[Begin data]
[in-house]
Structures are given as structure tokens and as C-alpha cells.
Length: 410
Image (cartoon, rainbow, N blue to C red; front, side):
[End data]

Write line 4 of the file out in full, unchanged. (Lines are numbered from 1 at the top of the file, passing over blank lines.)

Image (cartoon, rainbow, N blue to C red; front, side):